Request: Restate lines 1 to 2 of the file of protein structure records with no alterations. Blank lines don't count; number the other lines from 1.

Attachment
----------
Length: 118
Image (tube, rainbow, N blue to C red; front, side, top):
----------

Length: 118
Image (tube, rainbow, N blue to C red; front, side, top):